Hindutva is a militant Hindu nationalistic ideology which maintains that India -- indeed the entire subcontinent -- is the homeland of the Hindu race. Prime Minister Narendra Modi is a self-confessed and proud supporter of Hindutva.
Hindutva notHinduism, but a political tool through which religion is exploited for political gain. Hindutva missionaries propagate fear, demonizing Muslims and Christians as invaders who threaten social cohesion and national security.
Muslims are stereotyped as prolific breeders and terrorists while Christians are accused of being complicit with foreigners in international conspiracies aimed at weakening India through religious conversions.
India's current COVID crisis has been sourced to the month-long Kumbh Mela (Hindu festival) held throughout April in Haridwar, roughly 200km north-east of New Delhi. Held every 12 years, the Kumbh was not due until 2022. However, with critical state elections looming, the ruling party wanted to hold it now! And so, the accepted astrological advice said the festival - long known to be a super-spreader event - could be brought forward by a year.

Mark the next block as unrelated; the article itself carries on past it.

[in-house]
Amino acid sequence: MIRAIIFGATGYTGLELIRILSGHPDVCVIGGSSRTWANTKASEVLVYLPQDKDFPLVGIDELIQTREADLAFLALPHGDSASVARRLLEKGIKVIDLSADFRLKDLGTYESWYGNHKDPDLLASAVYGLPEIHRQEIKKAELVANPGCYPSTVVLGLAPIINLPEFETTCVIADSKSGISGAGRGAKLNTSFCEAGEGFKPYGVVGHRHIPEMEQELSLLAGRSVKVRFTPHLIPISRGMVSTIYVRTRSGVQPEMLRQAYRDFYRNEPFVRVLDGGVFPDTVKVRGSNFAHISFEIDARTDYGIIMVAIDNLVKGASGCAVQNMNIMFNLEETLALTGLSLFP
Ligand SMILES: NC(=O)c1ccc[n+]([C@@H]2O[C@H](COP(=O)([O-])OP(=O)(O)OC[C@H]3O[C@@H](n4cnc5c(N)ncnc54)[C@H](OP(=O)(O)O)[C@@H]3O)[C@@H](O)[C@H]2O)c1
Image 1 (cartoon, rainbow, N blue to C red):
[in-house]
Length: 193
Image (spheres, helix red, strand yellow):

Hindu devotees from all across India descended on Haridwar in their millions, caught the virus, and then shared it freely while on their journey home. Indians are starting to realise that the Bharatiya Janata Party (BJP – Modi’s party) does not have the welfare of the people at heart.
Another development in India is a law that came into effect on 1 June, in India’s north-western state of Gujarat which Christians fear will erode the Christian character of church-owned schools, and eventually bring them under the control of the Hindu nationalist state government.